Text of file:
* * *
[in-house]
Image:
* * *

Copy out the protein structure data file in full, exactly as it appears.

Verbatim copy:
[in-house]
Image: